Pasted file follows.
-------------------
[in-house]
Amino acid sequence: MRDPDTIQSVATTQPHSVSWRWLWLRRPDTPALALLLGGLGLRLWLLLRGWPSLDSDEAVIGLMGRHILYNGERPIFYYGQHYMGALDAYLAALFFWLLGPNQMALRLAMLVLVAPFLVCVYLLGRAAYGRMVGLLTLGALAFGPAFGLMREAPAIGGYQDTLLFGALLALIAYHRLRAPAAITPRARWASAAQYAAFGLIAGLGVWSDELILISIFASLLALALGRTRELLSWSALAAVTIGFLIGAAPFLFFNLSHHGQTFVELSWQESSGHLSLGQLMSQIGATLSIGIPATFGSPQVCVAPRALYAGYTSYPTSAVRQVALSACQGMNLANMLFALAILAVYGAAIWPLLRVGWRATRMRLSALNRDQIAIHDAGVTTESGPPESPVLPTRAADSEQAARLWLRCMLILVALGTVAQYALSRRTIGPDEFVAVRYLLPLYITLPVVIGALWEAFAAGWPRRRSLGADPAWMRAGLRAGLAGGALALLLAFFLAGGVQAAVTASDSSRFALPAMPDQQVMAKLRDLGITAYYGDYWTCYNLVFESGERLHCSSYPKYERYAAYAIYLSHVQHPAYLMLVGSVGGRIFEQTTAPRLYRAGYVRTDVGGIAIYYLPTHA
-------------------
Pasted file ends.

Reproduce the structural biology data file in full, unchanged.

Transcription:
[in-house]
Amino acid sequence: MRDPDTIQSVATTQPHSVSWRWLWLRRPDTPALALLLGGLGLRLWLLLRGWPSLDSDEAVIGLMGRHILYNGERPIFYYGQHYMGALDAYLAALFFWLLGPNQMALRLAMLVLVAPFLVCVYLLGRAAYGRMVGLLTLGALAFGPAFGLMREAPAIGGYQDTLLFGALLALIAYHRLRAPAAITPRARWASAAQYAAFGLIAGLGVWSDELILISIFASLLALALGRTRELLSWSALAAVTIGFLIGAAPFLFFNLSHHGQTFVELSWQESSGHLSLGQLMSQIGATLSIGIPATFGSPQVCVAPRALYAGYTSYPTSAVRQVALSACQGMNLANMLFALAILAVYGAAIWPLLRVGWRATRMRLSALNRDQIAIHDAGVTTESGPPESPVLPTRAADSEQAARLWLRCMLILVALGTVAQYALSRRTIGPDEFVAVRYLLPLYITLPVVIGALWEAFAAGWPRRRSLGADPAWMRAGLRAGLAGGALALLLAFFLAGGVQAAVTASDSSRFALPAMPDQQVMAKLRDLGITAYYGDYWTCYNLVFESGERLHCSSYPKYERYAAYAIYLSHVQHPAYLMLVGSVGGRIFEQTTAPRLYRAGYVRTDVGGIAIYYLPTHA